Ballpark artifacts represent multiple facets of the baseball experience, from sights and sounds to excitement and heartbreak. Almost every part of a ballfield is collected when it is renovated or demolished, from architectural elements and seats to bases and pitching rubbers. Some are retained by the team for ballpark displays, or to be brought out and venerated as sacred relics at fan fests and on opening days.
Terra cotta panels featuring baseballs and the familiar NY logo once ringed the exterior of Yankee Stadium. Most were removed during renovations in the 1970s; the others were demolished with the rest of the stadium in 2010. Only three or four still exist.
The iconic left field wall and manual scoreboard at Fenway Park have existed in their current configuration since 1934. The wall was first painted green in 1947. The section displayed here was removed during renovations in 1976, and this handpainted 49 on the scoreboard indicated when pitcher Tim Wakefield was on the mound for Boston.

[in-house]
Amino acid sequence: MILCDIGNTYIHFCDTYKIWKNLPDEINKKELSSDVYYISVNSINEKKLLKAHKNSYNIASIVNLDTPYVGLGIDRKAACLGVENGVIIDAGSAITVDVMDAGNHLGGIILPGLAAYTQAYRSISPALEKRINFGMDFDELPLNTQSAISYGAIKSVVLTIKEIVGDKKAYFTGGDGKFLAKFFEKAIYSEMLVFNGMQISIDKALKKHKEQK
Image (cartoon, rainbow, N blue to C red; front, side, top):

Thousands of fans rushed the field after the New York Giants’ final game at the Polo Grounds. One of them, Jack O’Donnell, managed to pick up home plate. In the 1960s, a historical marker was placed to indicate the original location of this artifact.